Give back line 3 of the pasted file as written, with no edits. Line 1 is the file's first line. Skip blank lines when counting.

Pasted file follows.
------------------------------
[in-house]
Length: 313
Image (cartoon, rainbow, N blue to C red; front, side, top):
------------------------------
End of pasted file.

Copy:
Image (cartoon, rainbow, N blue to C red; front, side, top):